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King Tut tomb mystery: Experts tap tech in new hunt for secret chambers

FILE - In this Thursday, Nov. 5, 2015 file photo, Egypt's famed King Tutankhamun's golden sarcophagus is displayed at his tomb in a glass case at the Valley of the Kings in Luxor. (AP Photo/Amr Nabil)

FILE - In this Thursday, Nov. 5, 2015 file photo, Egypt's famed King Tutankhamun's golden sarcophagus is displayed at his tomb in a glass case at the Valley of the Kings in Luxor. (AP Photo/Amr Nabil)

Researchers will continue their search for secret chambers in King Tutankhamun's tomb this year, harnessing sophisticated radar technology to find out if another burial is hidden at the famous site.

Experts from the Polytechnic University of Turin will use radar to investigate the Egyptian tomb and its surrounding area, Seeker reports.

Franco Porcelli, the project’s director and a professor of physics at the Polytechnic University of Turin, told Seeker that the research could take weeks. “Three radar systems will be used and frequencies from 200 Mhz to 2GHz will be covered,” he said.

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The research is part of a broader study to perform geophysical mapping of the Valley of the Kings, where the tomb is located. In addition to ground-penetrating radar, the Polytechnic University of Turin team will harness electric resistance and magnetic induction data to scan depths of up to 32 feet.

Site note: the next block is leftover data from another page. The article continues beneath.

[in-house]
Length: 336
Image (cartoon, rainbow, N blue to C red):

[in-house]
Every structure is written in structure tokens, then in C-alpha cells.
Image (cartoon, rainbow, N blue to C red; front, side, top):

The possibility that King Tut’s tomb contains hidden chambers has been a contentious topic for archaeologists in recent years.

In 2015 British archaeologist Nicholas Reeves put forward the theory that Tutankhamun’s tomb contains two hidden doorways. The “ghosts” of the hitherto unrecognized doorways could lead to an unexplored western storage chamber and Queen Nefertiti’s final resting place behind the chamber’s northern wall, he said.

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Scans conducted in 2015 suggested the tomb contains two open spaces, although a radar scan organized by National Geographic last year failed to replicate the results.

Some archaeologists also believe the mummy of Nefertiti, fabled for her beauty, has already been found in a different tomb.

Famed Egyptologist Zahi Hawass has rejected the theory that undiscovered chambers lie behind the tomb and likely contain the tomb of Queen Nefertiti. Speaking at a conference last year Hawass also questioned the effectiveness of radar scanning. "In all my career ... I have never come across any discovery in Egypt due to radar scans," he said, suggesting the technology would be better used to examine existing tombs that are known to contain sealed-off chambers.

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Porcelli told Seeker that the latest probe will reveal whether secret chambers are present in King Tut’s tomb. “This will be the final investigation," he said. "We will provide an answer which is 99 percent definitive."

The Polytechnic University of Turin team plans to conduct the first preliminary survey of the tomb by the end of February.

The Associated Press contributed to this report.